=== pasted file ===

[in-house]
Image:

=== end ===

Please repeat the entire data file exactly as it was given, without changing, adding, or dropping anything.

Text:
[in-house]
Image: